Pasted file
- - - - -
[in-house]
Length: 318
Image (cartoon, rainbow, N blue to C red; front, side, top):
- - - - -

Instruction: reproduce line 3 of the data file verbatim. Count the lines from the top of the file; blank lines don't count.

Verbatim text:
Image (cartoon, rainbow, N blue to C red; front, side, top):